Extinction Rebellion has a decentralised structure. Providing that they respect the 'principles and values', every local group can organise events and actions independently. To organise the movement, local groups are structured with various 'working groups' taking care of strategy, outreach, well-being, etc.[citation needed]

Wings

Doctors for XR

A group of health professionals named 'Doctors for Extinction Rebellion' supports XR actions and organise demonstrations on their own, warning about the effects of climate change on human health. The are notably present in the United Kingdom[40] and Switzerland.[41][42]

XR Youth

Main article: Extinction Rebellion Youth

A youth wing—XR Youth—of Extinction Rebellion had formed by July 2019.[43] In contrast to the main XR, it is centered around consideration of the Global South and indigenous peoples, and more concerned with climate justice.[32][44] By October 2019 there were 55 XR Youth groups in the UK and another 25 elsewhere.[44] All XR Youth comprise people born after 1990, with an average age of 16, and have been as young as 10.[44]

Christian Climate Action

Believing humans to be God's stewards of the earth, XR's Christian wing, the Christian Climate Action, has been involved in numerous direct action campaigns and other protests to bring awareness of climate change and the climate crisis. It has called for churches in the UK to help alleviate poverty and inequality caused by climate change and has also written to Justin Welby, the Archbishop of Canterbury, over the Church of England's lack of support for the group.[45]

It has a membership of over 1000 (with around 150 taking direct action).[45] It is associated with Camino to Cop26, a women-run faith group that walked 500 miles to the COP26 conference in Glasgow to protest world leader's lack of action on climate change. Other groups such as Marcha a Glasgow, the Pilgrimage for Cop26 and the Young Christian Climate Network also walked to the conference; they have described the journey as a pilgrimage.[46][47]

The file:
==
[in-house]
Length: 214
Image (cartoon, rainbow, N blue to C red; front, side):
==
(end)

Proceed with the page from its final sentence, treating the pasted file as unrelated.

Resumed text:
History

For a chronological guide, see Timeline of Extinction Rebellion actions.

"Declaration of Rebellion" at Parliament Square, 2018
"Declaration of Rebellion" at Parliament Square, 2018

Extinction Rebellion originated in the United Kingdom at a meeting of activists including Gail Bradbrook, Roger Hallam and Simon Bramwell in April 2018, at which they drew up a number of goals.[2] About one hundred academics signed a call to action in their support in October 2018,[15] and XR was launched on 31 October by Hallam,[48][49] Bradbrook,[48][49] Simon Bramwell, and other activists from the campaign group Rising Up![12]

Grassroots movements such as those of Occupy, Gandhi's Satyagraha,[16] the suffragettes,[16] Gene Sharp,[50] Martin Luther King Jr. and others in the civil rights movement have been cited as sources of inspiration[16] In seeking to rally support worldwide around a common sense of urgency to tackle climate breakdown,[17] reference is also made to Saul Alinsky. His "Pragmatic Primer," Rules for Radicals (1972),[51] is seen as offering insights as to "how we mobilise to cope with emergency", and "strike a balance between disruption and creativity".[52] Roger Hallam has been clear that the strategy of public disruption is "heavily influenced" by the community-organizing tactician: "The essential element here is disruption. Without disruption, no one is going to give you their eyeballs".[53]